I had some bad news today. My wallnut tree which dominates the western end of my town garden is seriously ill with honey fungus (Armillaria mellea) and root rot.
Not only will i loose the tree but the wood is of no use as both fungi cause white rot. The wood becomes to soft to do anything with it. That's bad news because that tree is the base of my little food forest. The tree surgeon cautions against planting new trees for at least 10-15 years. His line of reasoning is that new trees coming in always have some root damage making them vulnerable for parasitic fungi. Luckily my new espalier apple trees fall outside the safety zone but my elderberries and most redcurrants and blackberries are in the danger zone (the radius of the crown + 3 m).
Any thoughts and/or experiences on/with this problem???
Any ideas on using the diseased wood ? - burning is not an option. The recomended way of getting rid of it is to let it decay naturally but that may prohibit other use of that part of the garden.
Are there fruit trees with resistance against those fungi? The shade area under the tree is home to several springtime perenials, stinging nettles, etc... I don't want to loose them - so i hope to have some shade tree there soon. Of course preferably a food or nutt producing tree.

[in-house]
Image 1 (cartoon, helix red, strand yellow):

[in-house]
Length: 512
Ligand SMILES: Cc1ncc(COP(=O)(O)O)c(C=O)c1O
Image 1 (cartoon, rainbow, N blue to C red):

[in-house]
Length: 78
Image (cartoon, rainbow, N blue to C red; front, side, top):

What could be done to eliminate (the treat of) those fungi from the soil ? Any plants good to combatting those fungi ? For example; Could i plant a cherry tree there in combination with beneficial plants that protect the cherry tree?
Any soil amendments that improve conditions?
I have a little experience growing trees from pots - has anybody used that to circumvent the wounded root vulnerability ? Results ? Experiences ? What to avoid doing ?
My gardens size is limited and i don't have lots of room to experiment.
in my area its the avocados dying off due to fungus. This is a climate change problem. I have had somesucces aplying ormus. I asked our local fungus experts telling them my solution to a bad fungus is a good one, but got no definate answer. The other answer is plant mangos now and avocado- coffee no more.
Depending how big the tree was not all of the wood will be rotten and some could be used, otherwise you're going to be waiting a very long time for it to decompose, we have some elm here that sucumbed to Dutch elm disease, that was over 15 years ago, and only one stump has rotted enough to be pushed over, most of the wood is still lying around (the bits that were simply too knotty to burn) I would suggest you put the wood up either for sale or for free for someone else to burn, especialy as it was infected you do not want that lying around honeyfungus will happily continue to grow on the dead wood.
Location: Courtrai Area, Flanders Region, Belgium Europe
Xep. You are likely correct that climate change is a factor. The row of old trees at the end of the gardens in my row of houses has thinned substantially since i arrived in 2004. Wallnutt, sweet chestnust and ash are loosing ground.
Given an - in retrospect - amateur treesurgeon and lots of fungusspores any tree has a higher risk of succumbing to parasitic fungi.